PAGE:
Supreme Court of California Justia
Citation 23 Cal.2d 427
In re Schneider

In re Schneider , 23 Cal.2d 427

[Crim. No. 4502. In Bank. Dec. 21, 1943.]

In re ANDREW SCHNEIDER, on Habeas Corpus.


Andrew Schneider in pro. per., for Petitioner.

Robert W. Kenny, Attorney General, and David K. Lener, Deputy Attorney General, for Respondent.



On September 14, 1938, the petitioner was sentenced to serve the period of time prescribed by law in the State Prison at Folsom for violation of section 476a of [23 Cal.2d 428] the Penal Code. He was committed on February 15, 1940. The Board of Prison Terms and Paroles fixed his term of imprisonment at ten years (last three and one-half years on parole), based on the crime of "issuing check without sufficient funds & (7) Priors". The sentence so fixed with credits would expire on May 23, 1946. The prisoner was released on parole on November 23, 1942. He violated the condition and his parole was revoked in May 1943. In June 1943 he filed the present petition whereby he seeks his discharge on the ground that he has served the full period of time prescribed by law.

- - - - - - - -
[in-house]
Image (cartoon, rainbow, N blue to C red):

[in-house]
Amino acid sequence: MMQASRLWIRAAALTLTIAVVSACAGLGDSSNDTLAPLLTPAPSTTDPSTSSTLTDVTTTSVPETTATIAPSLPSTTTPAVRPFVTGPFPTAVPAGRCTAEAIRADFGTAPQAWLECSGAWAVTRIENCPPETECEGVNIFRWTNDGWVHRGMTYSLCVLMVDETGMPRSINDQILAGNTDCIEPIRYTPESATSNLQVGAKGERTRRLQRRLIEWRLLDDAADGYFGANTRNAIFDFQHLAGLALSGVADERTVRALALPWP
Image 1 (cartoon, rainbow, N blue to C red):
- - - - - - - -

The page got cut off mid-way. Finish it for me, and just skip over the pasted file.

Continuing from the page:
The petition raises the question whether the board should have treated the petitioner as a first offender. The record of conviction shows that the information as amended accused the petitioner of the violation of said section 476a and seven prior convictions of a felony. The statement of the historical facts in the arraignment for judgment and sentence recited the accusations, the plea of not guilty, the denial of the seven prior convictions, the fact of trial, the verdicts of the jury as " 'Guilty as charged'--seven prior convictions of a felony, true," the denial of various motions, the inquiry by the court if he had any legal cause to show why judgment should not be pronounced against him and Schneider's reply that he had none. The judgment and sentence followed: "And no sufficient cause being shown or appearing to the court, thereupon the court renders its judgment: That whereas the said Defendant Andrew Schneider having been duly convicted in this Court of the crime of Felony, Violating section 476a of the Penal Code, It is therefore ordered, adjudged and decreed that the said defendant Andrew Schneider be punished by imprisonment in the State Prison of the State of California ... at Folsom, California." The petitioner prosecuted an appeal from the judgment, on the ground among others that the evidence did not support the verdict of guilty on the charge of violation of said section 476a nor the finding that the charge of seven prior convictions was true. The judgment was affirmed (People v. Schneider, 36 Cal.App.2d 292 [98 P.2d 215]), the District Court of Appeal holding that there was no merit in any of the appellant's contentions with the exception of the contention that the evidence was insufficient to support the finding of truth in the charge of seven prior convictions, and as to the latter contention the court said: "Appellant further contends [23 Cal.2d 429] that the evidence is insufficient to prove the prior convictions. Regardless, however, of the question of proof, it is apparent that the matter of the prior convictions cannot operate to appellant's prejudice for the reason that the clerk's and the reporter's transcripts alike show that in pronouncing judgment the trial court ignored entirely the matter of the prior convictions and sentenced appellant merely as a first offender, and therefore he must be treated as such. (People v. Noland, 30 Cal.App.2d 386 [86 P.2d 363]; People v. Dawson, 210 Cal. 366 [292 P. 267]; People v. Arnest, 133 Cal.App. 114 [23 P.2d 812].)"